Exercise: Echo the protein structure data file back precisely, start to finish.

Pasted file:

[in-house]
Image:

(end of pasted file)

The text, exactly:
[in-house]
Image: